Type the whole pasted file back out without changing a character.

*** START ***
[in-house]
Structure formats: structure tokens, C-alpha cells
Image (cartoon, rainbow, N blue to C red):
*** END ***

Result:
[in-house]
Structure formats: structure tokens, C-alpha cells
Image (cartoon, rainbow, N blue to C red):